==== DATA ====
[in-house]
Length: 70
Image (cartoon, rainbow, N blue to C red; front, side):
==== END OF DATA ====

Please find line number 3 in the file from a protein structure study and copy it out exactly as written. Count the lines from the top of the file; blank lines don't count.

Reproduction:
Image (cartoon, rainbow, N blue to C red; front, side):